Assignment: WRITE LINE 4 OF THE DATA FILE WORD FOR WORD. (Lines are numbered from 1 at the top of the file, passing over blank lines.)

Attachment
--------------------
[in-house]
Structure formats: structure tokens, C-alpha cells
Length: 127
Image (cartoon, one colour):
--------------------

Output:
Image (cartoon, one colour):